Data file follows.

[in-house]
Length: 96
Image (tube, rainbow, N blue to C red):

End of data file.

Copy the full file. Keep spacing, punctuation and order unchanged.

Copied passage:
[in-house]
Length: 96
Image (tube, rainbow, N blue to C red):